Moving your data and systems into the cloud holds many advantages, but one that stands out for firms of all shapes and sizes is the comparative ease of managing data compliance and security compared with on-premise systems.

From monitoring compliance and security in real time to giving secure access to remote workers, the cloud offers numerous features that can be applied to a variety of different types of business.

Compliance is a vital part of any company’s structure. They will either be required to hold certain standing within a regulatory body to offer their products and services, for instance anything that involves finance products. Or in the case of quality management a company left without their relevant ISO accreditation can be left unable to trade with potential customers and suppliers.

Let’s break down some of the compliance and security benefits offered by the cloud and how companies can embrace them.

Data Responsibility

Companies with on-premises data systems are often hesitant to hand over complete control of their data to a third party. They’re concerned that company and customer data could be compromised, or that they won’t be compliant with GDPR. Specifically under GDPR the entity that has gathered data from a person must take necessary steps to secure that information. Included In this is the requirement to be able to justify why you have nominated a specific provider and how it fits into your own quality management system.

However, they risk nothing by migrating their servers to the cloud. Doing so doesn’t mean they’re handing off data responsibility. It simply means that the nominated server provider is responsible for the security for the overall infrastructure.

That’s why so many companies trust Azure as their preferred cloud platform. Microsoft spends huge amounts of money – over $1 billion per year– to ensure security is up to date; which is one of the main reasons they remain the most popular cloud provider.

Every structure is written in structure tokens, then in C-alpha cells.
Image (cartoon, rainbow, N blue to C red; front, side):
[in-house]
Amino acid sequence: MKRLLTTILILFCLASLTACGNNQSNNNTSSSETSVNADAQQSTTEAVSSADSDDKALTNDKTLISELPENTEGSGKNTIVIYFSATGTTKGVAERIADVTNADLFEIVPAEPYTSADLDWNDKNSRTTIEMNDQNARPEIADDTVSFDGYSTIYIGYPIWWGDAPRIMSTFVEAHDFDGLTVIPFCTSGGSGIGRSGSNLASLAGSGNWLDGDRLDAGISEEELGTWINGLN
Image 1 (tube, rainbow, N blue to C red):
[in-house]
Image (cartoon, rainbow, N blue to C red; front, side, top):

Layered Compliance

Many regulatory bodies within the financial services industry – such as PCI DSS (Payment Card Industry Data Security Standard) which monitors how businesses handle customer card data or quality management systems within the ISO frameworks – assess compliance on an annual basis. These bodies conduct process audits and are tasked with identifying where compliance isn’t being met before making recommendations on how to improve or fix these issues.

However, with a cloud-based set of tools – such as Microsoft 365’s Secure Score – companies can detect any gaps or errors in real-time. Not only can it be used by compliance officers and data managers to evidence their compliance during an internal audit, it can also be used as a benchmarking tool to show how close to a certain level of compliance they are. This is particularly helpful for companies looking to attain things like ISO accreditation as it gives them a clear path and a timeline for achievement.

Standing Out From The Crowd

In a similar way, SMEs looking to achieve an ISO accreditation (such as ISO/IEC 27000:2018 which covers Information Technology and Security Techniques) to follow compliance standards offered by Azure – such as the blueprints the platform offers which can be used as the basis of the data environment from the very beginning of migration.

Azure’s Security Centre also allows users to plug in any third-party hardware and software so companies can get a complete overview of their compliance and risk profile.

This level of integration means that the system is appropriate for businesses all shapes and sizes – regardless of their specific requirements.

Remote Working and Security

Because of Covid-19 many of us now find ourselves working from home. This presents additional regulatory challenges – such as FCA (Financial Conduct Authority) security compliance.

While the way in which employees will currently have access to data is unlikely to be uniform from a hardware perspective, by hosting data and systems in the cloud, businesses can manage security in real-time, to mitigate the risk of data breaches or breaks in compliance.

Azure’s Security Centre has 90 built-in security compliance templates that businesses can work with and apply to their data: on-demand.

When migrating to the cloud, data compliance and responsibility can be a challenge – whether you’re operating a large business responsible for a wealth of data, or an SME trying to navigate the complexities of compliance and accreditation.

However, cloud platforms like Azure makes this process a lot easier – both by setting the standards required and helping companies achieve their targets.

For more information on how ActionPoint can kickstart your move to the cloud click here.

Share post

Ready to get started?

Contact us today and we can begin discussing your needs. We can quickly provide you with a sense of our approach, estimated costs and a top-level timeframe.

REQUEST A CALLBACK